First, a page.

The Employee Retirement Income Security Act (ERISA) is a federal law that establishes minimum standards for retirement and health benefit plans in the private sector. One important aspect of ERISA is the requirement for plan sponsors to appoint fiduciaries to manage the plan’s assets and ensure that it operates in the best interests of participants. ERISA recognizes three different types of fiduciary roles: 3(16), 3(21), and 3(38). Not every plan requires all, or even some, of these professionals, but many do. This is especially true of plan sponsors who want to shift the regulatory and civil liability away from the company for how the retirement plan is run. Let’s explore the differences between these three fiduciary roles.
ERISA 3(16) Fiduciary
The ERISA 3(16) fiduciary is often referred to as the “third party administrator” or simply the “plan administrator” because this role involves managing many of the day-to-day administrative tasks associated with running a retirement plan. These tasks may include recordkeeping, preparing and filing Form 5500, distributing required notices to plan participants, and ensuring that the plan operates in compliance with ERISA and other applicable laws.
The 3(16) fiduciary assumes significant responsibilities and liability associated with administering the plan. This fiduciary has discretion and control over plan assets, and is responsible for ensuring that the plan operates in compliance with ERISA and other applicable laws. As such, the 3(16) fiduciary is a co-fiduciary with the plan sponsor and any other fiduciaries.
As 401k and other ERISA plans have become more competitive in the past few years, we often see 3(16) plan administrator functions being offered as an included benefit by the vendor of your plan, but you can also outsource these responsibilities to a third party (hence the term).
ERISA 3(21) Fiduciary
The ERISA 3(21) fiduciary is often referred to as the “investment advisor” because this role involves providing investment advice to the plan sponsor. The 3(21) fiduciary does not have discretion or control over plan assets but provides investment recommendations to the plan sponsor, who retains the ultimate decision-making authority.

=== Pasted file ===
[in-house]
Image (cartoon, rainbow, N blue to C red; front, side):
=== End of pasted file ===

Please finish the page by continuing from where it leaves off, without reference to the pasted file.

The 3(21) fiduciary is responsible for prudently selecting and monitoring investment options available to the plan participants. This fiduciary assumes responsibility and liability for the investment recommendations made to the plan sponsor. If the plan sponsor follows the investment advice provided by the 3(21) fiduciary and suffers a loss as a result, the 3(21) fiduciary may be held liable for that loss.
nVest Advisors can partner with your retirement plan as either a 3(21) plan investment advisor or a 3(38) investment plan manager (see below), depending on the services offered by the plan’s vendor (some assume 3(38) duties automatically), and the extent of the role you want your company’s management to play in overseeing the plan’s investment options.
ERISA 3(38) Fiduciary
The ERISA 3(38) fiduciary is often referred to as the “investment manager” because this role involves assuming complete discretion and control over plan assets. The 3(38) fiduciary has the authority to make all investment decisions on behalf of the plan, including selecting and monitoring investment options and making changes to the investment lineup as necessary.
The 3(38) fiduciary assumes significant responsibility and liability for investment decisions made on behalf of the plan. As such, this fiduciary may be sued if the plan suffers a loss due to a decision made by the 3(38) fiduciary. The plan sponsor may also be held liable for any losses resulting from the 3(38) fiduciary’s actions.
The key differences between the three fiduciary roles are related to the level of control, responsibility, and liability assumed by each fiduciary. The 3(16) fiduciary assumes the most control over plan assets, while the 3(21) fiduciary assumes less control and provides investment advice to the plan sponsor. The 3(38) fiduciary assumes complete discretion and control over plan assets, and as such, assumes the most responsibility and liability. Because of the additional tasks and fiduciary liability, your plan will often pay slightly more for a 3(38) fiduciary than a 3(21) fiduciary.
The Bottom Line
In summary, ERISA recognizes three different types of fiduciary roles: 3(16), 3(21), and 3(38). Each fiduciary role has different levels of control, responsibility, and liability associated with it. While you cannot fully outsource all of your fiduciary responsibility as the plan sponsor, you can outsource the vast majority, particularly the parts that expose your company and its management to the worst civil and regulatory liability. That fact alone is reason to seriously consider whether your plan needs a fiduciary, or if you currently have one, that individual is an effective one.
As a small business ourselves, nVest Advisors is deeply committed to helping small businesses and their teams thrive and prosper. From financial planning for both the owners and employees of the business to 3(21) or 3(38) fiduciary management of your SEP IRA, SIMPLE IRA, 401(k), 403(b), HSA, college savings plans, and other benefits options, we strive to be an integral part of your team’s financial well-being. And being a small company ourselves, we’re small enough to develop a close working relationship with your company and have the resources and investment partners to handle even the largest 401(k) needs.
If your company would like to receive a competitive bid from us for your current programs, or if you need to start a new benefits plan from scratch, we’d love to partner with you. Feel free to schedule a complimentary one-hour due diligence meeting with CEO Jeremy Torgerson, to discuss your needs.